With over 40,000 runners beginning and ending in the city’s Grant Park and winding its way through 29 different neighborhoods, the Chicago Marathon, which dates back to 1905, remains one of the nation’s most popular 26.2-mile courses.

Earlier this month, it also joined London and Boston as one of the first globally recognized races to add a “non-binary” division to its finishing categories. The New York City Marathon, scheduled for November 6th, will also include such a division for the first time.

In this instance, the term “non-binary” is a made-up category for people who claim they’re neither male nor female. The reality, of course, is that this is an impossibility. Despite the growing pressure to acknowledge otherwise, there are only two biological sexes – male and female.

Scientifically speaking, there are two chromosomal compositions: XX (female) and XY (male).

Theologically speaking, we read of the two sexes in the first chapter of Genesis, verse 27:

“So God created man in His own image, in the image of God He created him; male and female He created them.”

It’s that simple and that straightforward.

Some have suggested adding a third category to competitive sports will help alleviate the unfairness of men registering and competing against females – but just adding another division doesn’t mean men won’t still pull such unfair shenanigans. After all, when you suspend reality, it’s no longer what biological sex you actually are, but what you “identify” as.

Out of over 40,000 registered runners in Chicago, 41 competitors signed up in the “non-binary” division – just .1%. Placing first was a runner named Blank Bruno with a time of 2 hours and 47 minutes. In the running world, this is a solid time, but it’s nowhere near championship levels. By comparison, Benson Kipruto, the winner of the male race, clocked in at 2 hours and 4 minutes, 697 places ahead of Blank. Ruth Chepngetich, who placed first among women, blazed in at 2 hours and 14 minutes.

Reading between the lines of a Runner’s World interview with Bruno, it appears the runner is a male in the midst of hormone therapy. But the name “Blank” was a deliberately “androgynist” name taken to communicate Bruno’s mistaken belief that it’s possible to be neither male nor female.

Speaking with the magazine, Bruno hints at the origins of his current state, which appear rooted in trauma. When he was 13 years old, Bruno’s father died of a sudden heart attack.

“It shook me to the core,” he said. “It felt like God abandoned me. It felt like all the foundations I thought I knew about life tumbled before me—I felt loss, [was] disoriented, apathetic. It was definitely rough, and I think that’s what put a damper on my development as a human. That made me fall deeper into escapism.”

Escapism. Blank Bruno’s own words.

The American Psychological Association defines escapism as the tendency to escape from the real world to the safety and comfort of a fantasy world.

This is what’s behind the “trans” movement – it’s an escape from reality. It may not actually be safe, but an increasing number of people claim to be finding (at least temporarily) a form of comfort from it.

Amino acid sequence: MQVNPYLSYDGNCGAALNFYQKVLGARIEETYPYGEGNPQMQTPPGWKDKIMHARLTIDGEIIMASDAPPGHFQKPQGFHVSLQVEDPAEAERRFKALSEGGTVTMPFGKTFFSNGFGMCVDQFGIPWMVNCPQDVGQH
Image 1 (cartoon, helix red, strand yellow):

In the Runner’s World feature, Bruno extols the many physical and emotional benefits of running, all of which are very true. The demands of the sport attract a certain type of person who thrives on routine, as well as physical challenges. It can provide much needed structure. Many daily runners, myself included, liken a daily run to helping keep the train on the tracks. In a very beautiful way, running can help make one over, in a way, physically, on a daily basis. As the late running guru Dr. George Sheehan famously observed, “Sweat cleanses from the inside. It comes from places a shower will never reach.”

But that is only the physical – and we are so much more than our skin, sweat and bones.

Losing a father when you’re just thirteen is devastating, and it’s understandable why Bruno would experience such a roller coaster of emotion. Escaping into a fantasy world concerning one’s sex, though, only compounds the tragedy.

For someone struggling to find their true identity and be truly made over, Jesus Christ is the ultimate source and solution.

“Therefore, if anyone is in Christ, there is a new creation,” wrote the apostle Paul. “Old things have passed away, and look, new things have come” (2 Cor. 5:17).

That same apostle Paul was known to use athletic metaphors when speaking and writing about the Christian. There’s no indication he was a runner himself, but he knew how to communicate using the language of the people. He talked about training for godliness (1 Tim. 4:7), stressed the importance of competing according to rules (2 Tim. 2:5), pointed out that the best athletes prepare and win by exercising self-control (1 Cor. 9:25), and it’s the runner with the most endurance who ultimately wins the race (Hebrews 12:1).

Blank Bruno and countless others consumed by sexual confusion are all running a race – whether the literal Chicago, Boston, New York City marathons or the many miles of life known as daily living. And so are all of us. Our courses may look different, but the only way we’re going to compete and ultimately win the race that truly matters is to keep our eyes on Jesus – “the founder and perfecter of our faith” (Hebrews 12:2). The finish line of this life will be futile if we don’t run and reach for the prize (1 Cor. 9:24) that really matters most – life eternal with Christ.

Photo from Shutterstock.